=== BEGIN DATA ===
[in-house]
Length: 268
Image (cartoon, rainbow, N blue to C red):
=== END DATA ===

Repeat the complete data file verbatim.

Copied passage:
[in-house]
Length: 268
Image (cartoon, rainbow, N blue to C red):